Nowadays it is common for an average household to have more than one computer.  Transferring large files between multiple computers securely doesn’t have to be a daunting task; it can actually be quite easy. Since most everyone nowadays has a USB drive, or flash drive for transferring small files quickly; connecting two computers via a crossover cable would be mainly for larger files.  A crossover cable is also useful in situations where you need additional security and can’t risk your data with a USB drive.

The first thing you need to do is determine if both computers have an Ethernet port.  Almost every computer made in the last 10 years has an Ethernet port, so this shouldn’t be a problem. If both of the computers have Ethernet ports, then you are already halfway there.

A Crossover Cable is a type of Ethernet cable, usually the same size and shape as an ordinary cat-5 or cat-6 cable, however usually different in color, and different in wiring.  Crossover cables have wiring that “crosses over”; thereby bypassing the need for a hub, or other medium in between the computers.  The computers each see each other as part of a network, enabling sharing of internet connections, as well as easy transfer of files.  A normal or straight Ethernet cable will not work for this purpose; those cables are designed to connect devices through a medium, or a hub, not directly.  The computers will not see each other is a regular or “straight” Ethernet cable is used.

You can use an Ethernet crossover cable or a crossover adapter with a normal Ethernet cord.  If you don’t have one already, crossover cables can be bought from most local computer and retail electronic stores.  You can get away with a networking hub if you do not have a crossover cable and don’t wish to buy one.  Using a hub is akin to setting up a LAN, or local area network.  You would simply connect two regular network cables to separate computers, and then join them with an Ethernet hub, if you have one.  This is also simple, and quite secure.  Much more secure than an “ad hoc” wireless network since every computer in the network must be physically connected; not just in close proximity.

The speed of the physical transfer depends on the type of the cable you are using, as well as the networking capability of both computers.  The speed of file transfer via a crossover or network cable can be very high, as high as a USB cable in most cases.  Using a crossover cable is one of the fastest ways to transfer and share files between different computers as crossover cables can reach speeds of over 100mb/s.

What you will need-

An Ethernet or crossover cable.  Regular Ethernet cables are downright cheap; crossover cables are slightly more expensive.  If you have an older computer without a network port, then you most likely do not have a network card.  In this case you can use a USB to Ethernet cable, or a USB to Ethernet adapter.

Both computers will also need network cards.  Once again, this is not really a problem with any modern computer; however some older computers may not have the necessary network card, or necessary drivers to run these cards properly.  If this is the case, and you have valuable data you need to get off the computer, you can purchase and install one.  Usually this is easy enough to accomplish with the correct driver, which is usually found by referencing computer manufacturers’ website.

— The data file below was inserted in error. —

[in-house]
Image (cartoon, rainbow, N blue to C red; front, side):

Once both computers have been connected via a crossover cable, a network hub, or a regular Ethernet cable with a crossover adapter, the computers are joined in a network.  All that is left to do is to run the network wizard on both computers, configuring the network.

Steps -

1. Connect Cable- First of all you will have to connect each end of the Crossover cable to both computers. You can use either end on either computer while connecting the cable.

2. After booting up both computers, you may need to set up the connection manually under network settings.  This is usually as simple as running the “network wizard” on both computers.

3. After a connection has been established, it is actually possible to share an internet connection between both computers.

How to Configure a Shared Internet Connection-

Setting up the Host Computer

The host computer is the computer which has the internet connection.  To configure the host, go to the Start button on the Task bar. Now go to the Control Panel and you will see several options. Now find the Network Connection icon and click on it.

Right click on the network you are currently using to access the internet.  Then right click, and then left click on properties. Under properties, click advanced, check the check box relating to allowing another computer to use the host’s internet connection.  Now the network status of the host computer should change to shared.

Configure the second computer-

To configure the second computer you will have to also access the networks, you should see a network with “limited or no connectivity”.  Right click on it and go to properties.  In the properties section you will have to double click on the Internet Protocol. Now you will find a new window. In this window check the icon that says automatically obtain IP address. Also check the option to Automatically Obtain DNS server.

All that is left to do at this point is to find your local network icon on your task bar with the yellow icon saying, “limited or no connectivity”.  Right click on this icon and select repair, refreshing the IP address.  Rebooting also will refresh the IP address.

Any browser on the second computer will use the internet connection of the host computer.